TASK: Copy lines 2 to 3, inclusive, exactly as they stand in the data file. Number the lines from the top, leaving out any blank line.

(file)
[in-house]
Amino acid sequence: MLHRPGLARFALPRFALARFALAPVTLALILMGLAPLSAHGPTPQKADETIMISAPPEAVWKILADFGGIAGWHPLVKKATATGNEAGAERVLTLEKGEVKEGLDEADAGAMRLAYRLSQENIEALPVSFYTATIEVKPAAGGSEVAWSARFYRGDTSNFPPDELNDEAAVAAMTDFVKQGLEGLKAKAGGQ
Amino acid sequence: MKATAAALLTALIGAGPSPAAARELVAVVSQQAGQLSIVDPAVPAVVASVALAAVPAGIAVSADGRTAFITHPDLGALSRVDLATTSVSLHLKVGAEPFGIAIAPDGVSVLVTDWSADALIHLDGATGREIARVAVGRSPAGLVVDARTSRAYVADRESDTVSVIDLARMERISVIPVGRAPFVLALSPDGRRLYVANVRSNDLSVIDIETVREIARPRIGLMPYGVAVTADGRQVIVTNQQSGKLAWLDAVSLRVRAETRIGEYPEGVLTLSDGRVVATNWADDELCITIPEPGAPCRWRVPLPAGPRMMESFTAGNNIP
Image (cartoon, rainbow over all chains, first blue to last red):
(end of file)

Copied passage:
Amino acid sequence: MLHRPGLARFALPRFALARFALAPVTLALILMGLAPLSAHGPTPQKADETIMISAPPEAVWKILADFGGIAGWHPLVKKATATGNEAGAERVLTLEKGEVKEGLDEADAGAMRLAYRLSQENIEALPVSFYTATIEVKPAAGGSEVAWSARFYRGDTSNFPPDELNDEAAVAAMTDFVKQGLEGLKAKAGGQ
Amino acid sequence: MKATAAALLTALIGAGPSPAAARELVAVVSQQAGQLSIVDPAVPAVVASVALAAVPAGIAVSADGRTAFITHPDLGALSRVDLATTSVSLHLKVGAEPFGIAIAPDGVSVLVTDWSADALIHLDGATGREIARVAVGRSPAGLVVDARTSRAYVADRESDTVSVIDLARMERISVIPVGRAPFVLALSPDGRRLYVANVRSNDLSVIDIETVREIARPRIGLMPYGVAVTADGRQVIVTNQQSGKLAWLDAVSLRVRAETRIGEYPEGVLTLSDGRVVATNWADDELCITIPEPGAPCRWRVPLPAGPRMMESFTAGNNIP